Add olive oil to same skillet (okay if beef residue stays in there). Bring to medium-high heat and saute diced sweet potatoes for 4 to 5 minutes or until softened and browning. Add sweet potatoes to bowl with beef mixture.
Add rinsed and drained beans to beef bow. Make sure beans have drained well to prevent soggy taquitos. Let entire mixture cool down for 5 to 10 minutes.
Gently stir in BBQ sauces and 1 ½ cups of cheese.
Working one at a time, transfer tortilla to a work surface; place scant 1/3 cup beef mixture into center of tortilla. Bring the bottom edge of the tortilla tightly over the filling, rolling from bottom to top until the top of the tortilla is reached. Secure with toothpick. Repeat with remaining tortillas and filling.
Place taquitos onto rimmed sheet sprayed with baking spray. Spray tops of taquitos with baking spray and bake until crisp and cheese has melted, about 12-15 minutes.
To reheat from frozen, heat oven to 375 F degrees and place taquitos on rimmed sheet sprayed with baking spray. Lightly cover tops of taquitos with foil and bake for 15 minutes. Remove from oven and spray tops of taquitos with baking spray, increase heat to 400 and bake for another 5 to 10 minutes until crisp, cheese has melted and tops are brown.
I hope you have a big spoon at the ready, my recipe for Best-Ever Beef Chili is, well, THE BEST! With freezing temperatures and heated football bowl games going down, this big pot of spicy, rich and blissfully beefy chili is what to serve by the mug, bowl or trough.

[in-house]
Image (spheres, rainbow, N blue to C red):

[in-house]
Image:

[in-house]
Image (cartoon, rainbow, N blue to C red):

I typically make chili by breaking down a roast into bite-sized chunks, my kitchen stampeded causing Southwestern Steak Chili is a family favorite. However, the kids love ground beef (and so does my food budget) and requested a chili made with their favorite food group — hamburger meat!
Won’t lie, I was a little worried that the ground beef would come out dry and the beefy taste might get downed out by bold chili spices. After reading an article in Cooks Illustrated on achieving “better browning through science,” I knew I had to try their technique of using a baking solution on meat to enable proteins to attract more water and hold onto it during cooking and also create a higher pH level to speed up the desirable Maillard reaction (basically, the harbinger of caramelization). My dad reported success using this method to keep steaks juicy and tender, and I hoped this easy hack would help improve the taste and texture of my chili’s ground beef.
So, how does this baking soda beef hack work? Typically, when ground beef is cooked on the stove top, so much water and liquid is expelled that the beef chunks just end up steaming in their own juices — very little actually browning happens. When cooked to the point of most water evaporating, the batch of beef will be unpleasantly overdone. However, by gently tossing a baking soda solution with the meat (about ¾ teaspoon baking soda to 2 tablespoons water for 2lbs of grind) and letting sit for 15 to 20 minutes before cooking , beef loses less liquid, browns faster and tastes better. I tried it myself with 80/20 Chuck Ground Beef and I must say, I was impressed! The ground beef cooked “as-is” was almost immediately was sitting in a pool of liquids (as you can see from the picture) and when taste-tested seemed a little rubbery and bland.